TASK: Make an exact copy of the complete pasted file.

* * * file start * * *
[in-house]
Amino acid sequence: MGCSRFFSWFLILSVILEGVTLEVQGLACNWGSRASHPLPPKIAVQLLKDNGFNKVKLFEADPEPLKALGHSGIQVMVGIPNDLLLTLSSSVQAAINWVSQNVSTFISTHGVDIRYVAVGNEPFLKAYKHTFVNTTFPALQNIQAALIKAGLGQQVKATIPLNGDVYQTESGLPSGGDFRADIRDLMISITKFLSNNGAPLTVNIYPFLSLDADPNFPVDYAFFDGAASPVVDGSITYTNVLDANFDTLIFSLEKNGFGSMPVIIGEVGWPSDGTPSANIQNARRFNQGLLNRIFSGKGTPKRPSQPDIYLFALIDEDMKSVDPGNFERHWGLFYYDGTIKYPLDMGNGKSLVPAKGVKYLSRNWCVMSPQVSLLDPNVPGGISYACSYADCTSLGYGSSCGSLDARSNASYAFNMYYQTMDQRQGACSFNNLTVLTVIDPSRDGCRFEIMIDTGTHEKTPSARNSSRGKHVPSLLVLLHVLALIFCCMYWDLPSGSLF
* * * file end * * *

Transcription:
[in-house]
Amino acid sequence: MGCSRFFSWFLILSVILEGVTLEVQGLACNWGSRASHPLPPKIAVQLLKDNGFNKVKLFEADPEPLKALGHSGIQVMVGIPNDLLLTLSSSVQAAINWVSQNVSTFISTHGVDIRYVAVGNEPFLKAYKHTFVNTTFPALQNIQAALIKAGLGQQVKATIPLNGDVYQTESGLPSGGDFRADIRDLMISITKFLSNNGAPLTVNIYPFLSLDADPNFPVDYAFFDGAASPVVDGSITYTNVLDANFDTLIFSLEKNGFGSMPVIIGEVGWPSDGTPSANIQNARRFNQGLLNRIFSGKGTPKRPSQPDIYLFALIDEDMKSVDPGNFERHWGLFYYDGTIKYPLDMGNGKSLVPAKGVKYLSRNWCVMSPQVSLLDPNVPGGISYACSYADCTSLGYGSSCGSLDARSNASYAFNMYYQTMDQRQGACSFNNLTVLTVIDPSRDGCRFEIMIDTGTHEKTPSARNSSRGKHVPSLLVLLHVLALIFCCMYWDLPSGSLF